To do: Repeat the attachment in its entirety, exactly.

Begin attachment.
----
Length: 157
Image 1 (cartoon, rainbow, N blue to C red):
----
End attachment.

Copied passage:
Length: 157
Image 1 (cartoon, rainbow, N blue to C red):